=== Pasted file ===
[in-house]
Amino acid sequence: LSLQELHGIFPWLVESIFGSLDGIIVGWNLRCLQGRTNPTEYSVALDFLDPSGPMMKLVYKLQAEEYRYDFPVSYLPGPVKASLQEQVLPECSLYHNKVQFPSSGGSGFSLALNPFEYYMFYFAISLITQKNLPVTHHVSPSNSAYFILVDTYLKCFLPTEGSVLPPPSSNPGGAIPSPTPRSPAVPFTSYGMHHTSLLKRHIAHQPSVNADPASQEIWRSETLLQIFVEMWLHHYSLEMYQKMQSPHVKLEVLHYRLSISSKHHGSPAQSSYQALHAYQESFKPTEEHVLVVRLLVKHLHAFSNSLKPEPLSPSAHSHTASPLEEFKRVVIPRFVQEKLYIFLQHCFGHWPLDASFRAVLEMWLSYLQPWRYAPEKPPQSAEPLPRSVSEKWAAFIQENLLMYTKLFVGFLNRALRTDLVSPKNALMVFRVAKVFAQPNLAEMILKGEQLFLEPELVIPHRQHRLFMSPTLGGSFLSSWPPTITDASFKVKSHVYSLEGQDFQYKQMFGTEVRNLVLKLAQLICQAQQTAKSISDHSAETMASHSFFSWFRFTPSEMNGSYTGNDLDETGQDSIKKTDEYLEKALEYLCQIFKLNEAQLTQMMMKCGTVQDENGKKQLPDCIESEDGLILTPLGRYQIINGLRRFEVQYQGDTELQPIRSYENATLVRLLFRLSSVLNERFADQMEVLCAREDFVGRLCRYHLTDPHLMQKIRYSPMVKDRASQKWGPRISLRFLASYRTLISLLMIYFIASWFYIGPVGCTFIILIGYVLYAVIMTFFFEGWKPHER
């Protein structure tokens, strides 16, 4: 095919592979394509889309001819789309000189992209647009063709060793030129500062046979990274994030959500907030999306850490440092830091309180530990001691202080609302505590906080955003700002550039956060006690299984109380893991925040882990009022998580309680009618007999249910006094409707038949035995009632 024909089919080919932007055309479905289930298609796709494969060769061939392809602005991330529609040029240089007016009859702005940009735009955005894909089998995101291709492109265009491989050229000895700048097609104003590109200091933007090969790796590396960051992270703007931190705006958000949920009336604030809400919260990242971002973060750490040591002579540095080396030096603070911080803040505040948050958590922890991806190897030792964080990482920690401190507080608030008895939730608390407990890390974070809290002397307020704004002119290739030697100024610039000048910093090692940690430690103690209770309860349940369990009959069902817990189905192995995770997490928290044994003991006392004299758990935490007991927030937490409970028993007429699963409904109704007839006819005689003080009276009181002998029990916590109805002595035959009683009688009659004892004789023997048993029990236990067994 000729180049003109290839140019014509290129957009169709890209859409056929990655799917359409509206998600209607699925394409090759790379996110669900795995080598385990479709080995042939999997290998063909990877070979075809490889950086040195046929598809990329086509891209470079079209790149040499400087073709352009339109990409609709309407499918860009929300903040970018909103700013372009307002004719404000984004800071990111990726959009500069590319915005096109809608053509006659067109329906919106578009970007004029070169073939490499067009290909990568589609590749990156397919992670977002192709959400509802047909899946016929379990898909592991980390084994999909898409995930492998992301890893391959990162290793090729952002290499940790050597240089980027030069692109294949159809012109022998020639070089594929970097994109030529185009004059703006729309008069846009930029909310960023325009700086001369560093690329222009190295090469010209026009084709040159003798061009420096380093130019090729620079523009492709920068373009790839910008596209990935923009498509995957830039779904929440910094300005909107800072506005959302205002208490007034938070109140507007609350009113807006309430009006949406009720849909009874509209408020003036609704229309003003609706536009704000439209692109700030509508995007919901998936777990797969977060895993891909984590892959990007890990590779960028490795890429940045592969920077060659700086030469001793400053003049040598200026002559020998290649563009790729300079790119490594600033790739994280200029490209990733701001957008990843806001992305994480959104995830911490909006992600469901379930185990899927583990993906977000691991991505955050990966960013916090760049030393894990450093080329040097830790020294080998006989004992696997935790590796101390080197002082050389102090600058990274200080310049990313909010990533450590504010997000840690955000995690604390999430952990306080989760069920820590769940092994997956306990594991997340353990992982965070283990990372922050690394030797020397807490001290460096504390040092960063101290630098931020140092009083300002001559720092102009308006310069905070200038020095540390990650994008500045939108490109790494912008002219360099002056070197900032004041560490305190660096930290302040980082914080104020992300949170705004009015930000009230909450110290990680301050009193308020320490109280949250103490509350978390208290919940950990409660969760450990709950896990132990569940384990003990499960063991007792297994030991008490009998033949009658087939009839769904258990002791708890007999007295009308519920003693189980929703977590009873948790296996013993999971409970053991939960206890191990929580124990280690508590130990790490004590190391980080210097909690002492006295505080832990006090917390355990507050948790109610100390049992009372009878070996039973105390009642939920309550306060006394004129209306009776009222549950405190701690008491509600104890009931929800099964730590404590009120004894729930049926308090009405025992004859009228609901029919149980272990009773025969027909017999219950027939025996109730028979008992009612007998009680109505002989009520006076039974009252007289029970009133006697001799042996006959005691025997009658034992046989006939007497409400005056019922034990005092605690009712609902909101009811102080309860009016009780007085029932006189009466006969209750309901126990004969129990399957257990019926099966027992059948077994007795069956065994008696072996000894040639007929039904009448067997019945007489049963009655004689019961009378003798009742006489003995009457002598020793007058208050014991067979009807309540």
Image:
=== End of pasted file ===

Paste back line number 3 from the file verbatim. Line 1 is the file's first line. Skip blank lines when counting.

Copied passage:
């Protein structure tokens, strides 16, 4: 095919592979394509889309001819789309000189992209647009063709060793030129500062046979990274994030959500907030999306850490440092830091309180530990001691202080609302505590906080955003700002550039956060006690299984109380893991925040882990009022998580309680009618007999249910006094409707038949035995009632 024909089919080919932007055309479905289930298609796709494969060769061939392809602005991330529609040029240089007016009859702005940009735009955005894909089998995101291709492109265009491989050229000895700048097609104003590109200091933007090969790796590396960051992270703007931190705006958000949920009336604030809400919260990242971002973060750490040591002579540095080396030096603070911080803040505040948050958590922890991806190897030792964080990482920690401190507080608030008895939730608390407990890390974070809290002397307020704004002119290739030697100024610039000048910093090692940690430690103690209770309860349940369990009959069902817990189905192995995770997490928290044994003991006392004299758990935490007991927030937490409970028993007429699963409904109704007839006819005689003080009276009181002998029990916590109805002595035959009683009688009659004892004789023997048993029990236990067994 000729180049003109290839140019014509290129957009169709890209859409056929990655799917359409509206998600209607699925394409090759790379996110669900795995080598385990479709080995042939999997290998063909990877070979075809490889950086040195046929598809990329086509891209470079079209790149040499400087073709352009339109990409609709309407499918860009929300903040970018909103700013372009307002004719404000984004800071990111990726959009500069590319915005096109809608053509006659067109329906919106578009970007004029070169073939490499067009290909990568589609590749990156397919992670977002192709959400509802047909899946016929379990898909592991980390084994999909898409995930492998992301890893391959990162290793090729952002290499940790050597240089980027030069692109294949159809012109022998020639070089594929970097994109030529185009004059703006729309008069846009930029909310960023325009700086001369560093690329222009190295090469010209026009084709040159003798061009420096380093130019090729620079523009492709920068373009790839910008596209990935923009498509995957830039779904929440910094300005909107800072506005959302205002208490007034938070109140507007609350009113807006309430009006949406009720849909009874509209408020003036609704229309003003609706536009704000439209692109700030509508995007919901998936777990797969977060895993891909984590892959990007890990590779960028490795890429940045592969920077060659700086030469001793400053003049040598200026002559020998290649563009790729300079790119490594600033790739994280200029490209990733701001957008990843806001992305994480959104995830911490909006992600469901379930185990899927583990993906977000691991991505955050990966960013916090760049030393894990450093080329040097830790020294080998006989004992696997935790590796101390080197002082050389102090600058990274200080310049990313909010990533450590504010997000840690955000995690604390999430952990306080989760069920820590769940092994997956306990594991997340353990992982965070283990990372922050690394030797020397807490001290460096504390040092960063101290630098931020140092009083300002001559720092102009308006310069905070200038020095540390990650994008500045939108490109790494912008002219360099002056070197900032004041560490305190660096930290302040980082914080104020992300949170705004009015930000009230909450110290990680301050009193308020320490109280949250103490509350978390208290919940950990409660969760450990709950896990132990569940384990003990499960063991007792297994030991008490009998033949009658087939009839769904258990002791708890007999007295009308519920003693189980929703977590009873948790296996013993999971409970053991939960206890191990929580124990280690508590130990790490004590190391980080210097909690002492006295505080832990006090917390355990507050948790109610100390049992009372009878070996039973105390009642939920309550306060006394004129209306009776009222549950405190701690008491509600104890009931929800099964730590404590009120004894729930049926308090009405025992004859009228609901029919149980272990009773025969027909017999219950027939025996109730028979008992009612007998009680109505002989009520006076039974009252007289029970009133006697001799042996006959005691025997009658034992046989006939007497409400005056019922034990005092605690009712609902909101009811102080309860009016009780007085029932006189009466006969209750309901126990004969129990399957257990019926099966027992059948077994007795069956065994008696072996000894040639007929039904009448067997019945007489049963009655004689019961009378003798009742006489003995009457002598020793007058208050014991067979009807309540």